Jared Diamond, author of Collapse: How Societies Choose to Fail or Succeed, wrote a (rather negative) book review of Questioning Collapse: Human Resilience, Ecological Vulnerability, and the Aftermath of Empire - a critique of his own book – for Nature (the journal, not the magazine)… without mentioning that Questioning Collapse was, well, questioning Collapse. Sound shady? We think so too. Many thanks to StinkyJournalism.org for laying out this conflict of interest and bringing its high functioning nonsense detector to a good old fashion media ethics debate.
In Questioning Collapse (which, while we’re on the subject of ethical disclosure, happens to be a Cambridge University Press title), an impressive group of historians, archaeologists, and anthropologists marshal the latest scholarship to present an alternative theory of societal failure and the nature of collapse. From Easter Island to ancient Mesopotamia, the collection submits radically different analyses of iconic events. Learn more about the ethical and factual mistakes that contributor Carl Lipo thinks Jared Diamond made on Lipo’s blog, Evolution Beach.
Jared Diamond reviews book about himself in Nature (Journal) — Without disclosing the obvious conflict
by Molika Ashford, Stinkyjournalism.org
EXCLUSIVE: There are many things that writers, and the publications that publish their work, can do to lose the trust of readers. One is to write about subjects that present clear conflicts of interest. Another is to fail to be transparent about those conflicts with their readers.
The February 18 issue of the journal Nature provides a clear case in point. In the issue, Pulitzer-winning scientist Jared Diamond reviews a book of essays called Questioning Collapse: Human Resilience, Ecological Vulnerability, and the Aftermath of Empire. The review, “Two views of collapse,” is largely negative. What Diamond doesn’t disclose to the readers of the review, however, is that Questioning Collapse is not just a book about “collapse”… It’s a book about his bestselling book Collapse: How Societies Choose to Fail or Succeed. Even more, it is a book of essays directly criticizing and critiquing Diamond’s own work and writings.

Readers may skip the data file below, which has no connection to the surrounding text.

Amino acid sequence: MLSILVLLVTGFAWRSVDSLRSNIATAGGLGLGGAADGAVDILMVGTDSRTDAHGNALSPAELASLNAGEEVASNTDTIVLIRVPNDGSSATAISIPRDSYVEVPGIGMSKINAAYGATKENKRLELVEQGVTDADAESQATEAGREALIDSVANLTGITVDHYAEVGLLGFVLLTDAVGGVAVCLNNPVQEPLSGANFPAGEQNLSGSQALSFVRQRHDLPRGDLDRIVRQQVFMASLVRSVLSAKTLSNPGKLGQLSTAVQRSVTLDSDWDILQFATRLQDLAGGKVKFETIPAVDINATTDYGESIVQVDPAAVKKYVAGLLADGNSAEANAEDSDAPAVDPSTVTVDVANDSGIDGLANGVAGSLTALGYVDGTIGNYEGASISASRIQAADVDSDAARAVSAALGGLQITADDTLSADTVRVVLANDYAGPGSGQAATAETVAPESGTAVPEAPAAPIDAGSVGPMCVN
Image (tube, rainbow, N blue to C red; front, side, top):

There’s nothing subtle about it. “Wrentit,” a reviewer on Amazon.com, summarizes the book this way: “Questioning Collapse is a collection of reviews of specific chapters of Diamond’s book Collapse. The whole point of Questioning Collapse is to attack Diamond’s arguments.”
This may not be the only time the subject of a critical work has reviewed the book that critiques them. But, by failing to disclose that Questioning Collapse is a critique of his own research, Diamond misleads readers into viewing his book review as something it is not–the dispassionate opinion of an outside observer.
Diamond–the subject of several StinkyJournalism investigations into errors and ethical lapses in his reporting on Papua New Guinea, and of a libel lawsuit by Daniel Wemp, the single source for his New Yorker essay “Vengeance is Ours”–is the author of Collapse: How Societies Choose to Fail or Succeed.
Questioning Collapse, published by Cambridge University Press, features a group of essays collected from and after a meeting of the American Anthropological Association that were directly intended to address “issues swirling around the popular writing of Jared Diamond.” The essays critique specific passages and arguments of Diamond’s book, as well as argue against the more general themes of human history Diamond describes.
Yet, Diamond’s review in Nature, a prestigious journal of science and medicine, makes no mention of this. It might, then, appear to a reader of Nature with no prior knowledge of his relationship to the book under review, to be the opinion of an independent expert. Given that Questioning Collapse is a refutation of his own work, Diamond cannot be considered as such, and he is ethically responsible not to–purposefully or accidentally–masquerade as such.